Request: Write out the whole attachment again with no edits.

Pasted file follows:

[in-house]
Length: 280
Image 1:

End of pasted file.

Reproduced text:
[in-house]
Length: 280
Image 1: